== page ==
Treadmill Running

Should I Be Running on a Treadmill?

As spring approaches and temperatures rise, so will people’s motivation to get back in to their fitness routines. If nothing else, this definitely means an influx in the number of joggers you pass on your morning commute! But, just because it’s getting warmer outside, does that mean that you should immediately transition to running outside? Not necessarily. Running on a treadmill can actually be an incredibly beneficial aspect of your fitness routine, even when the sunshine is tempting you to take it to the sidewalk.

Is running on a treadmill podiatrist approved?

YES! We actually recommend that our patients run on a treadmill instead of running outside. The bouncier surface of a treadmill is much more forgiving on your feet as opposed to the constant pounding that comes with running on blacktop or concrete. In the long run (pun intended), a treadmill will save your body a lot of unnecessary aches and pains. 

Can running outside cause problems in my feet?

One of the most damaging aspects of running outside is having to run on uneven ground. Especially if you are a creature of habit who runs the same route every morning, your body will become accustomed to the natural incline variations on the road, which can cause some serious, long-term orthopedic problems. 

Because most roads have a slight slope (think a peak in the middle of the road that gradually drops off on either side) to allow for drainage, the slight shift in terrain can dramatically impact the natural alignment of your body. Essentially, your body will trick itself into thinking that the leg closest to the middle of the road is shorter than the other because it is on higher ground. Over time, this unevenness can lead to ankle pain, ankle join instability, hip misalignment, and a multitude of other potential problems. Running on a treadmill ensures that you are running on an even surface that is conducive for regular, high-impact exercise!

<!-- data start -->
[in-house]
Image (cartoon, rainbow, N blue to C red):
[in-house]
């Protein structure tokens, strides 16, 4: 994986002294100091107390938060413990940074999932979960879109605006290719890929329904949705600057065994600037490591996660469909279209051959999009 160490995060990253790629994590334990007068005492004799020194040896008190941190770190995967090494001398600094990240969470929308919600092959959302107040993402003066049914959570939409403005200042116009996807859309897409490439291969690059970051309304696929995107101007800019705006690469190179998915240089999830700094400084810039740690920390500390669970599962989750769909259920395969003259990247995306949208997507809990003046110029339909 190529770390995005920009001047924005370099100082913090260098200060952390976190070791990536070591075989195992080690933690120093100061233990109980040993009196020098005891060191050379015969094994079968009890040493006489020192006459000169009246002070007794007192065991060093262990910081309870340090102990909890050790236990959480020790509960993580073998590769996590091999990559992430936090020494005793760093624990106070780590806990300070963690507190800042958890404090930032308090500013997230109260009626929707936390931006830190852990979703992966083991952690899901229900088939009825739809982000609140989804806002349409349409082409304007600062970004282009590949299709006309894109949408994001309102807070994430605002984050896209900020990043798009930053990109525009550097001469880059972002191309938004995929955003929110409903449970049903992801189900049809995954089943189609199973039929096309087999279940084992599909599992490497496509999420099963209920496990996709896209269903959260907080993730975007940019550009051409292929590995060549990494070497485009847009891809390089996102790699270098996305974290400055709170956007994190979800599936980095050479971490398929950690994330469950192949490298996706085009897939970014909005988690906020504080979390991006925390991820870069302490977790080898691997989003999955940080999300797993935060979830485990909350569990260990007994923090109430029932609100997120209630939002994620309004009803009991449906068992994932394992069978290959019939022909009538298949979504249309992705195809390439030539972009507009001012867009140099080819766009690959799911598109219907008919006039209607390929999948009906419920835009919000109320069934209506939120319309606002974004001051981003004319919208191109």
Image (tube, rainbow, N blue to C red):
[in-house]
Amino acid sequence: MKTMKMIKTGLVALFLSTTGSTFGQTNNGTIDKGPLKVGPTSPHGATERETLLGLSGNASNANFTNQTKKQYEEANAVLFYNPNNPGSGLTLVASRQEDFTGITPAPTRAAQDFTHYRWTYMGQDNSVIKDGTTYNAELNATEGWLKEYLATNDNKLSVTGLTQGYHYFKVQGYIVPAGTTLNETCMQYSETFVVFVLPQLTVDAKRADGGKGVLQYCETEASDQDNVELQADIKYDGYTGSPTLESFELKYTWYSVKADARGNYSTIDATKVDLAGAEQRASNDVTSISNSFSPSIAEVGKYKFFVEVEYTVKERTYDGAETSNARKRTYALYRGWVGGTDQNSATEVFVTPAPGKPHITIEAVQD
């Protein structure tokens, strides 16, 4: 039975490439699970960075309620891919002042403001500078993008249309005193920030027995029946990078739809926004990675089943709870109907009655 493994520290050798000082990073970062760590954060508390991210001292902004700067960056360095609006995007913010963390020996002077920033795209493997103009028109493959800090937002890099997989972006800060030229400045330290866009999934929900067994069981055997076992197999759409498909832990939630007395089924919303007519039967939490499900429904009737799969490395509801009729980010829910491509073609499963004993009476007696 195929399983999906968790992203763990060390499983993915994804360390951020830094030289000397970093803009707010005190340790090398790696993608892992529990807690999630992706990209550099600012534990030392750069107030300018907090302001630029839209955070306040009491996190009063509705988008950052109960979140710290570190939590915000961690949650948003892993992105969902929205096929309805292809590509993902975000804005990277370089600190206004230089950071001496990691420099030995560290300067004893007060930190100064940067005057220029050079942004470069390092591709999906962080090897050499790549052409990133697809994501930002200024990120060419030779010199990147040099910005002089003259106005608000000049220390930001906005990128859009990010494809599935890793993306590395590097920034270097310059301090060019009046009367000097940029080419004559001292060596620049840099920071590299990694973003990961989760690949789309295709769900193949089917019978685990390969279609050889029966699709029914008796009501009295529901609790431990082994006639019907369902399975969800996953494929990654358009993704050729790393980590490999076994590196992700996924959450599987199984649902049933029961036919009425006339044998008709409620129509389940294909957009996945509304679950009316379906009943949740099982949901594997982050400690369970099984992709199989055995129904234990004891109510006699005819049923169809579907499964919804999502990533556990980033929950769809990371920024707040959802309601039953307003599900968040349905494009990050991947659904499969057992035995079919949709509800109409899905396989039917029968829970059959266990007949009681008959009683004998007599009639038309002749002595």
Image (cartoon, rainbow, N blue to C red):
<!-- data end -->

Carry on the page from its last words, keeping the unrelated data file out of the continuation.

Isn’t running outside better exercise?

Because the fluctuating outdoor terrain is naturally more challenging for your body, there is a common misconception that running on a treadmill isn’t as effective as running outside. However, the treadmill can easily be adjusted to cater to those who love a good uphill jog. Increasing the incline to 2% is a great way to simulate the challenge of outdoor running without subjecting your joints to the constant hammering of running on blacktop or concrete. Running on a treadmill also provides a controlled environment that allows you to focus on setting goals and improving speed and time, which is great way to keep yourself accountable with your exercise routine!

Whether you’re heading out for a quick jog or training for a marathon, a treadmill is a great piece of equipment to take advantage of. There are no serious risks or drawbacks that come with running on a treadmill, making it a great tool for runners of any experience level and caliber. Even though it can be so tempting to run outside in the spring weather, treadmill running is a route that everyone should seriously consider!

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